Norma Garcés, now in her third year as director of El Colegio charter school, has been working hard to turn the school’s struggling reputation around. Known as an alternative to alternative schools, the school struggled for years with a reputation for gang involvement, and with high enrollment but low attendance.
Garcés has taken steps since starting her position to add a more formal structure. For example, she introduced bells to mark the start of classes, and stopped the practice of calling teacher by their first names. “They are not your buddies,” Garcés remembers saying. “That was a big change. I’m not Norma. I’m Miss Garcés. I’m the director. We’re not equal.
“I started teaching the system,” Garcés said. “9 out of 10 kids did not understand the high school system.”
She said the community had spoken out about the changes they wanted to happen, and one of the things they said was that if El Colegio was a Latino school, they wanted a Latino Director.
First of two stories — see El Colegio: A place to belong, a place to succeed
Ana Vasquez, a science teacher at the school, was relieved when Garcés changed the policy of using teachers’ first names. “The fact I’m Latina, raised in Latin America, that level of respect matters,” Vasquez said. Prior to the change, it was easy for students to cross the boundary of teacher and student. Particularly because Vasquez looks young, the use of the last name shows respect for her. “it creates a level of trust,” she said.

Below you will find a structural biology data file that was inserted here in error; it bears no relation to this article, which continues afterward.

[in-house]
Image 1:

There was resistance by some of the students, but Vasquez said she could softly correct them during the transition.
Garcés knows the students face many challenges. “The achievement gap is clear,” she said, and a look at the school’s test scores shows a lot of work to be done. The Minnesota Department of Education’s website doesn’t show the school’s math proficiency scores since 2011, when it was at 0 percent. The reason the math proficiency scores don’t show up is that there have been fewer than 10 students taking the test each year since then, according to Josh Collins, MDE’s Communications Director. El Colegio’s reading proficiency was zero percent in 2013 (with 17 students taking the test), down from 11 percent in 2011 and 9 percent in 2012.
Garcés said El Colegio isn’t a place for kids that would do well in other schools. “If you are in AP classes, have a good GPA, know your counselor, don’t come to El Colegio,” she said.
At the same time, El Colegio students are opinionated and resilient, according to Garcés. “They didn’t settle for the crumbs given to them in another school,” she said. El Colegio offers a place for students who don’t fit in at other schools. “The school creates a sense of belonging,” Garcés said.
Garcés points to other improvements, such as having no fights in the school, last year, and an increase in college-level courses such as Math Modeling, a College in the Schools class. Five students at El Colegio took PSEO classes last spring, and Garcés said the school has a partnership with MCTC through which a ninth grade student could plan on getting 30 college credits by high school graduation.
Laura Garcia, a student who has taken advantage of the school’s college-level opportunities, also participated in Minneapolis’s Step-Up program through El Colegio. In this program, she worked as an intern for a construction company. She also did a teen architecture program, and ended up winning a contest at the Weisman Art Museum for an architecture project.
Garcés makes a point of emphasizing college as a goal for El Colegio students, through programs such as hosting a College Night, and in their partnership with La Raza, which gives the high school students the opportunity to interact with college students.
Reporting for this article supported in part by Bush Foundation.